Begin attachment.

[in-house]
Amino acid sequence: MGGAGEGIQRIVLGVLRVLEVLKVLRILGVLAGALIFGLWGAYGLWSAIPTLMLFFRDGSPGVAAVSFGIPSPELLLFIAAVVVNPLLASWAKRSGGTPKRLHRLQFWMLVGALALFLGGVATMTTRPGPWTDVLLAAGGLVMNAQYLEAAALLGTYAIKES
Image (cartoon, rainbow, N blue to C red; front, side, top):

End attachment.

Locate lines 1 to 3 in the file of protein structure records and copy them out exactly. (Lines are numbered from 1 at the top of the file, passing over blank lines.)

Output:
[in-house]
Amino acid sequence: MGGAGEGIQRIVLGVLRVLEVLKVLRILGVLAGALIFGLWGAYGLWSAIPTLMLFFRDGSPGVAAVSFGIPSPELLLFIAAVVVNPLLASWAKRSGGTPKRLHRLQFWMLVGALALFLGGVATMTTRPGPWTDVLLAAGGLVMNAQYLEAAALLGTYAIKES
Image (cartoon, rainbow, N blue to C red; front, side, top):